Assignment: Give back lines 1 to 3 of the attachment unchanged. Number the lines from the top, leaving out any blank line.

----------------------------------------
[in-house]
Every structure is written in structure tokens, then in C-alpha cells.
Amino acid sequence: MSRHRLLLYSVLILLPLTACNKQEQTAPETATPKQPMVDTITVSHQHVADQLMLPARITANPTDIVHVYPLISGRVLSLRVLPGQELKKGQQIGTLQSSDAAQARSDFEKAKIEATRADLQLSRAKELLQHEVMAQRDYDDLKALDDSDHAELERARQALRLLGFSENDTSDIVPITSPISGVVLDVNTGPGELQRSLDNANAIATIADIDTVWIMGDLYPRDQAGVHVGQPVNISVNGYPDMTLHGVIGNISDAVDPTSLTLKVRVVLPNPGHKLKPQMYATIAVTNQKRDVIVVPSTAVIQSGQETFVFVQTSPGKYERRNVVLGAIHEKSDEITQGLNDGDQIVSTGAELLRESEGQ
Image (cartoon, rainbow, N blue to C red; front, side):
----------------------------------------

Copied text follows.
[in-house]
Every structure is written in structure tokens, then in C-alpha cells.
Amino acid sequence: MSRHRLLLYSVLILLPLTACNKQEQTAPETATPKQPMVDTITVSHQHVADQLMLPARITANPTDIVHVYPLISGRVLSLRVLPGQELKKGQQIGTLQSSDAAQARSDFEKAKIEATRADLQLSRAKELLQHEVMAQRDYDDLKALDDSDHAELERARQALRLLGFSENDTSDIVPITSPISGVVLDVNTGPGELQRSLDNANAIATIADIDTVWIMGDLYPRDQAGVHVGQPVNISVNGYPDMTLHGVIGNISDAVDPTSLTLKVRVVLPNPGHKLKPQMYATIAVTNQKRDVIVVPSTAVIQSGQETFVFVQTSPGKYERRNVVLGAIHEKSDEITQGLNDGDQIVSTGAELLRESEGQ